Colour grading, colour correction (color to our friends across the pond) is a big buzzword right now in the post-production industry. 2012’s NAB featured a lot of new colour grading products – article link. Colour grading/correction is a covers two separate elements:
- Matching individual shots to each other
- Improving individual shots to highlight the actors, minimise distracting elements and generally give video a mor filmic look
There’s lot of tutorials covering the latter, but very few which deal with the former. I think that’s because professional camera operators and cinematographers take the time and care to do this in-camera. Unfortunately home and semi-pro camcorders do not have all the settings needed to do this properly at the time of shooting. Everyone’s heard of white balancing, but that only takes you so far.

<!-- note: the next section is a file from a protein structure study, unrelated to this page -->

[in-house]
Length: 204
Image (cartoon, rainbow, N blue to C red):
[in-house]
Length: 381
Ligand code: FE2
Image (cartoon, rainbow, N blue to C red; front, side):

I found this tutorial on Color Grading by Barend Onneweer at Creative Cow a while ago which takes a maths-based approach. The only issue with this tutorial is the time it takes to manually calculate the colour values. So, I’ve taken Barend’s principal and used After Effects Expressions to process it automatically. You can download this as an FFX Preset here.
- Apply the preset to the video (or adjustment layer), make sure the Levels fx is turned off.
- Follow Barend’s tutorial by selecting a neutral grey point (seen in all shots)
- Turn on the Levels
The sequence above is from my friend Jeff Smith’s new web series, Stella B and the Busted League. Unfortunately the camera reset itself in-between set-ups and white balance was lost. He contacted me to ask if there was anything I could do.This is the first time I’ve actually tried colour matching and was really impressed by the results. The preset made this quick and easy to apply, although you do need a neutral gray in each shot. It’s possible to do this without, but it is less automated.